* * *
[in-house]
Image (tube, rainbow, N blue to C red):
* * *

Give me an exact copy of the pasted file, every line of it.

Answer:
[in-house]
Image (tube, rainbow, N blue to C red):